Implementing SAP R/3 on NT for Cost Savings

It’s no secret that many corporate IT shops do not trust Windows NT when it comes to reliability. For that reason, they are reluctant to run beefy mission-critical applications such as SAP R/3 on Windows NT.

It’s no secret that many corporate IT shops do not trust Windows NT when it comes to reliability. For that reason, they are reluctant to run beefy mission-critical applications such as SAP R/3 on Windows NT.

Nonetheless, Windows NT’s relatively low price point is helping the operating system work its way into SAP R/3 environments, such as the back office of Blue Cross and Blue Shield of Minnesota. (www.bluecrossmn.com).

In its effort to prepare for Year 2000 issues, the health insurance company needed to move from a conglomeration of non-Y2K-compliant homegrown and legacy purchasing, accounts payable and print shop applications to an ERP package. The firm was concerned, however, with the high cost of implementing Unix servers.

Alan Bain, director of systems engineering at Blue Cross and Blue Shield of Minnesota, already had IBM Corp.’s DB2 in place and was set on using an OS/390 to house the database portion of R/3.

"We have a proven track record of reliability and scalability on the OS/390 and our staff is trained for the platform. It needed to be our database," he says.

After looking at major ERP suites -- from PeopleSoft Inc. (www.peoplesoft.com), Baan Co. (www.baan.com) and Oracle Corp. -- Bain decided to install a combined hardware and software solution from Amdahl Corp. (www.amdahl.com) that includes SAP R/3, Windows NT servers and his requisite OS/390.

According to Roger Stoesz, managing director at Amdahl, SAP’s platform independence, both at the presentation layer and at the application layer, enables Amdahl and competitors to offer a solution that is the best of both worlds.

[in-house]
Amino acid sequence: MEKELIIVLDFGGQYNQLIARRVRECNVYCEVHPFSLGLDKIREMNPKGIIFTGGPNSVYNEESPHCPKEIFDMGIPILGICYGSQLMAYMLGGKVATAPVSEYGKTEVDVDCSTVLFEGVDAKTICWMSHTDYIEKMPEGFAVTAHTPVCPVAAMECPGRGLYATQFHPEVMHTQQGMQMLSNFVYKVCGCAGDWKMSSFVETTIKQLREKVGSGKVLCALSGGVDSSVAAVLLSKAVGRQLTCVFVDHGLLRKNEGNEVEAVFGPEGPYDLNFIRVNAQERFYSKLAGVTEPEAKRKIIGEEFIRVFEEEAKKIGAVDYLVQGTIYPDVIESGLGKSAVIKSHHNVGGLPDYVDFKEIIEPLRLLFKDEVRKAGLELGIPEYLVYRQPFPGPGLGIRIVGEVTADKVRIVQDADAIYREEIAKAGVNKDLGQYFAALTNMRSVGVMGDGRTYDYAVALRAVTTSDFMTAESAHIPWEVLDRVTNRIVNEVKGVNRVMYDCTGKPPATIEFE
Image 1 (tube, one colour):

"SAP uses NT for what it’s very good at, and it uses OS/390 for what it is very good at," he says.

Because it runs on the Intel platform, Windows NT brings a lower price/performance rate to the applications aspect of the overall solution than an all-Unix environment. The OS/390, on the other hand, provides the data integrity, reliability and availability that most companies demand for mission-critical applications.

"The real heart of why this configuration is attractive to people is that they already know NT, and whether they love NT or hate NT doesn’t really matter as much as the fact that they already have it," Stoesz says.

Bain echoes that sentiment. "We already had NT and NT people, so from the knowledge standpoint we were set," he says.

Blue Cross and Blue Shield of Minnesota has 3,000 employees, about three-quarters of whom have networked PCs via Ethernet or Token Ring. In the back office, the company is running Windows NT strictly for applications and Novell Inc.’s NetWare for file and print, as well as two mainframes.

This SAP R/3 solution consists of an Amdahl Millennium Global Server 775, running OS/390, surrounded by three Pentium Xeon-based Windows NT servers, each running one application. The applications are quality assurance, production and development modules of the SAP package. Once the applications were installed, Bain put a fence around the systems, running only one application on each server.

To connect the Windows NT systems to the OS/390, Amdahl’s configuration uses the ESCON channel adapter from Bus-Tech Inc. (www.bustech.com). The connection consists of a duplex pair of fiber cables, a standard card that ships in the OS/390, and the Bus-Tech card, which plugs into the Windows NT machines via a PCI slot.

"The connection between NT and the mainframe is an isolated pipe, so we just extended the whole solution into our existing infrastructure," Bain says.

Since adding the SAP environment, the biggest problem Bain faced was a faulty driver in the Bus-Tech card that inhibited the use of storage software. The problem was easily fixed.

Blue Cross and Blue Shield of Minnesota reports no problems with the Windows NT servers or the OS/390. Although Bain brings down the OS/390 periodically for maintenance, as of press time, the Windows NT servers had been running the whole time [how long?].

"The only time we’ve had to reboot the NT boxes was when we loaded the updated driver," Bain says. "We haven’t had to reboot since. NT has proven to be a stable environment for this scenario."

Bain declined to comment on either the cost or savings of the solution, but he said using Windows NT at the application layer was saving the organization a significant amount of money.